Systematic vs Random Error
You might be very careful while conducting experiments, however, they are still likely to have some experimental errors. It becomes almost impossible to avoid errors totally when you are trying to take the exact measurements, or facing problems with the equipment. The measurements of physical quantities cannot always be the correct values.
In order to avoid such errors, scientists try to classify errors and remove uncertainties in the measurements made by them. It is essential to review the origin of error and how these errors could affect the results when obtaining the results.
There are two main kinds of errors- Systematic error and Random error. Knowing about systematic and random errors helps us to perform the experiments better and to reduce errors.
The difference between systematic and random error is that systematic errors occur because of incorrect or imperfect equipment. Because of the imperfect apparatus, each measurement taken will be incorrect by the same amount. On the other hand, random errors occur because of unavoidable disturbances or due to problems that you face when taking measurements of quantities that change with time.
Comparison Table Between Systematic and Random Error
|Parameters of Comparison||Systematic Error||Random Error|
|Meaning||A systematic error is an error that arises because of fault in the measuring device.||A random error is an error that arises because of unpredictable changes in the environment.|
|Repetitive||Systematic errors are repetitive.||Random errors are not generally repetitive.|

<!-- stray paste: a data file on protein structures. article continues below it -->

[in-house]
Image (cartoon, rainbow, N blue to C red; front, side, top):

|Causes||Flaws in the experimenting equipment.||Unpredictable variations in readings, disturbances in the environment.|
|Reduction||Systematic errors can be reduced by using the correct apparatus or proper techniques.||Random errors can be reduced by taking the readings time and again and increasing the number of observations.|
|Types||Three types: Instrument, Environment, Systematic error.||No types.|
|Reproducible||These are reproducible.||These are not reproducible.|
|Magnitude of error||Constant||Vary|
What is Systematic Error?
Systematic error is also known as systematic bias. These errors are consistent errors that can be repeated because of the flawed experimental design. Usually, such errors are produced by using incorrectly calibrated measuring instruments or using the instruments incorrectly.
Sources of systematic errors:
- Incorrectly calibrated instrument
- Worn out instrument
- An individual taking the measurement incorrectly
There are three types of systematic errors:
- Instrumental error- Basically, there are three causes of instrumental errors:
- Misuse of the experimental setup.
- When the mechanical structure of the set up is not perfect.
- When there is a loading effect.
- Observational error- Observational error arises when the observer does not interpret the readings correctly. For instance, if the pointer of the voltmeter is set on the scale and the line of vision is not exactly above the pointer, an observational error may arise.
- Environmental error- When there are changes in the surroundings such as pressure, humidity, and so on, it may give rise to environmental errors. Such errors can be eliminated by making arrangements to control humidity or temperature.